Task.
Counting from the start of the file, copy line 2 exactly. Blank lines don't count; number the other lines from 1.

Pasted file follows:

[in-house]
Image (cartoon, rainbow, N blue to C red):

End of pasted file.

Image (cartoon, rainbow, N blue to C red):